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The Art of Slow Motion Multi-Tasking

If you were to ask my mom, my sisters, or even one of our children, they might tell you that they suspect that John and I are hoarders. Eww, right? But don’t worry, we aren’t the people you see on those Netflix specials that make you gag just a little every time you see inside their homes!

Before you believe anything my family may say about our hoarding tendencies, just let me explain! John and I aren’t really hoarders – we are just slow motion multi-taskers.

The idea of slow motion multi-tasking was introduced by Ted Hartford in his TED Talk, A powerful way to unleash your natural creativity. Hartford explains that creativity is actually increased in people who move from creative project to creative project as their mood or situation changes. It is, in effect, the cross-training of your brain. Both Darwin and Einstein were slow motion multi-taskers, with Darwin taking 44 years (!) to write one of his last great works – “Formation of Vegetable Mould Through The Action of Worms” (although I’m guessing it wasn’t on the best sellers list!)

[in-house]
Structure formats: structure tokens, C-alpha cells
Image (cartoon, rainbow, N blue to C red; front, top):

Although we are clearly not in the same league as Darwin or Einstein, and it is much less than 44 years between the completion of any of our projects, both John and I have always had the tendency to jump from project to project and back again.  Myself, even more so, going from painting to learning to needle felt, to wreath making, then sign making, to baking and decorating cakes and then back to painting again. Little did I know until watching Hartford’s TED talk that all that jumping around was actually beneficial to the whole process.

So, from now on we would like you to please refrain from judging John and I as hoarders and refer to any messes you may happen to see in our basement or garage as “brain cross-training stations”. That old door is meant to be a coat rack. The pile of live edge wood is just waiting to be made into tables. The dresser drawers stacked against the wall? Dog beds in the making!


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